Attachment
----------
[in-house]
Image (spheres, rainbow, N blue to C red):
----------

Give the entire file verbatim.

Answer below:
[in-house]
Image (spheres, rainbow, N blue to C red):